The "hygiene hypothesis" is a theory that young children who are exposed to a variety of germs will have a lower risk of developing asthma and allergies later in life. Studies on the hypothesis have been inconsistent. The latest study, published today in the American Journal of Respiratory and Critical Care Medicine, concludes that daycare has no effect on later respiratory illnesses.
The researchers, in the Netherlands, followed nearly 4,000 Dutch children over eight years. Parents completed questionnaires at various intervals of the child's life, from pregnancy to age 8. At that age, more than 3,500 of the children were assessed for specific allergies and asthma. Daycare use was also assessed each year.
The study found that children who started daycare early were twice as likely to experience wheezing in the first year of life compared with those who didn't go to daycare. But as the children became older, the illness pattern shifted. There was a trend for less wheezing among early attendees. By age 8 there was no association between daycare attendance and wheezing. The only children who stood out in the study were those who had early daycare attendance and older siblings. Those children had more than a fourfold higher risk of frequent respiratory infections and more than twofold risk of wheezing in the first year compared with children without older siblings and daycare.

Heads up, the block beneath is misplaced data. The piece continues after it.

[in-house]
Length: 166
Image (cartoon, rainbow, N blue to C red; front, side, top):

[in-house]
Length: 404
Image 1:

"Children exposed to both early daycare and older siblings experienced most infections and symptoms in early childhood, without a protective effect on wheeze, inhaled steroid prescription or asthma symptoms until the age of eight years," the lead author of the study, Dr. Johan C. de Jongste, said in a news release. "Early daycare merely seems to shift the burden of respiratory morbidity to an earlier age where it is more troublesome than at a later age. Early daycare should not be promoted for reasons of preventing asthma and allergy."
-- Shari Roan
Photo credit: Luis Sinco / Los Angeles Times